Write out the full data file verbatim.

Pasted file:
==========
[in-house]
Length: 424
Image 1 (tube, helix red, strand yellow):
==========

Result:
[in-house]
Length: 424
Image 1 (tube, helix red, strand yellow):